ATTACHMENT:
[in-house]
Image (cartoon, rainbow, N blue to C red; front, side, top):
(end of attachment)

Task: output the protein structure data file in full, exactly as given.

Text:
[in-house]
Image (cartoon, rainbow, N blue to C red; front, side, top):